Engineering is an extraordinary field that allows for never-before-seen advancements in technology that help to develop the world we live in. Compassionate engineering places people and communities first, prioritising their needs above anything else while developing and designing technology. The wide availability of said technology is the end goal, to allow everyone who needs it to be able to use it.
Having a connection with the people who the technology is developed for is at the heart of compassionate technology, instead of simply developing it behind a computer.
Tactile Maps for the Visually Disabled
The desire to help others is what drove Tyler Wooten, engineering student at Texas A&M University, to apply his newly learnt 3D printing skills. The 3D printing class Wooten took at the Engineering Innovation Center (EIC) would propel him to help change the lives of visually disabled students on campus.
His idea – to create a 3D map with both raised buildings and braille for visually impaired students – had the goal of aiding students in orienting themselves around campus. These maps help students to better understand size, scale, and proximity of buildings that otherwise wouldn’t be comprehended with verbal explanations.
Wooten thought his idea simple enough but he reached out to student Kaitlyn Kellermeyer, who’d worked on other similar projects, for help to construct his idea properly. The maps that started as an idea have become an engineering marvel that has turned Wooten into an entrepreneur; each map takes around 10 hours to complete, but he has demand from other universities to provide these maps for their students.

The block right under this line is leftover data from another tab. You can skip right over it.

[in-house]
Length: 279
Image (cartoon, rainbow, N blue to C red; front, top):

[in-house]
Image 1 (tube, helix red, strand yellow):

Electronic Braille Writing Tutor
M. Bernardine Dias, associate research professor at Carnegie Mellon’s Robotics Institute, has spent the last decade developing an electronic Braille writing tutor. With the support of the university’s staff, students, colleagues, and the Fetzer Institute, the project has been completed successfully.
Dias has prioritised compassion in her work, directing the TechBridgeWorld research project for the last decade in order to help develop and adapt a wide variety of technology necessities for needed populations around the world.
The 10 year project of the Braille writing tutor aids visually impaired students to learn how to write Braille by using a slate and a stylus. Various versions of the Braille writing tutor have since been developed and tested in India, Tanzania, Bangladesh, Zambia, and other countries where Braille writing technology is unavailable.
The Importance of Compassionate Engineering
By focusing on the needs of communities and their visions for progress and well-being of residents, engineers are able to help develop advanced technology that both helps save lives and improve them. The Braille writing tutor, for example, is an extraordinary piece of engineering that works splendidly as an educational and diagnostic tool for both visually impaired students and teachers.
Both the software and the hardware designs to build the writing tutor are available online.
As a family business, here at Airedale Springs we strive for the highest quality of springs for manufacturers and inventors. Compassionate engineering is something we believe in – with over 70 years of experience, we ensure that our products help to better the lives of community residents all over the world.
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